• Stem cells are generally derived from embryos as adult stem cells are difficult to extract. But human right advocates view this as equivalent to murdering a child
  • It was also against the religions and was vehemently opposed especially in USA . Republican governments were totally against this as they are in favor of promoting christian ethics

Converting ordinary cell to Induced Pluripotent Stem Cell – Gurdon & Yamanaka

  • Single cell in the form of Zygote formed after fertilisation of egg and sperm differentiate to specialist cells like heart cells , liver cells, skin cells etc. Earlier it was thought that this natural process is irreversible
  • But  Gurdon  and Yamanaka identified the genes to make any cell pluripotent and also showed that cell can be programmed to any specific cell like Bone Marrow or heart cell
  • This solved the issue of killing of embryos to get Stem Cells
Stem Cells

Gist : Problems in using Stem Cells

  • Issue of Embryonic Stem Cells : Right to Life of Embryos + Christian sentiments
  • Efficacy of Stem Cell Therapy : iPSC’s doesn’t has 100% efficacy and in many cases reprogrammed cells can result into cancerous cells by rapid division
  • Inclusivity issue : Stem Cell therapy is very expensive and poor cant afford it. Hence, it is not inclusive .

What are the applications of Stem cells?

  • Stem Cells can cure several illnesses
    • Parkinson’s disease [A degenerative disorder caused by cell death in brain – became very common in developed nations due to increase in Life expectancy]
    • Alzheimer
    • Cancer
    • Spinal Cord Injury
    • Treatment of Autism
    • Blood related diseases (like Sickle Cell Anaemia)
    • Diabetes
    • Heart and Arterial Related diseases
  • (Regenerative Medicine) Can be used in organ transplants : Using Stem cell, full fledged organ can be made  and since it is made from cells of person’s body, their rejection rate is almost nill.
  • Study how an organism develops from a single cell .

Stem Cell Therapy Status  in India

  • Western Countries have strict regulations and restrictions on use of Stem Cells but no such regulation was earlier present in India . Due to lack of regulation and cheap treatment, large number of terminally ill patients were coming to India for treatment.
  • April 2018 : Ministry of Health and Family Welfare has proposed to amend Drugs and Cosmetics Act, 1940 to bring Stem Cells and Stem Cell based products under legal regulation
    • Under the amendments, Stem Cells and products that are substantially altered will be treated as drugs and will have to seek regulator’s approval (Drug Controller General of India) before being marketed .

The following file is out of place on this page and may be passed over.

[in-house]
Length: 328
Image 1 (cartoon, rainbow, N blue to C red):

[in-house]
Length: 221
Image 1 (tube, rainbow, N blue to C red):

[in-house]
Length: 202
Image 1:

• Various ICMR Guidelines
    • ICMR’s  National Guideline for Stem Cell Research in 2017.
    • Stem Cell Use Ethical Guidelines by ICMR  
  • MoUs
    • Indo – Japan Stem Cell Research Collaboration
    • India – UK Stem Cell Research
  • Research Centre : DBT Centre in Bangalore dedicated to Stem Cell Research (In-STEM)

Genetically Modified Crops

Genetically Modified Crops

This article deals with ‘Genetically Modified Crops  – UPSC.’ This is part of our series on ‘Science and Technology’ which is important pillar of GS-3 syllabus . For more articles , you can click here

 

 

 

Genetically Modified Foods /Crops

  • Genetically modified organisms have had specific changes introduced into their DNA by genetic engineering, unlike similar food organisms which have been modified from their wild ancestors through selective breeding
  • GM foods were first put on the market in the early 1990s
  • GM aids the development of specific traits in crops like:
Herbicide resistance Viral resistance
Pest resistance Slow ripening
Fungal and  bacterial resistance Quality improvement – protein and oil
Value addition – vitamins, micro and macro elements  

 

Pro-GM crops in India

  • By 2050, the world’s population is expected to expand from 7 billion to 9 billion.  Yet the amount of farm land is shrinking. GM Crops is the only way to feed  growing population.

 

  • Resistance to pests and protecting the environment: Scientists can give crops built-in resistance to pests (eg : Bt gene) . That means less need for pesticides that are potentially harmful to the environment.

 

  • Higher income for farmers: GM crops cut costs for consumers and raise livelihoods for farmers

 

  • There is little evidence  to validate  perceived dangers by GM Crops. GM brinjal has since been approved and grown in neighbouring Bangladesh without causing any environmental or health hazards.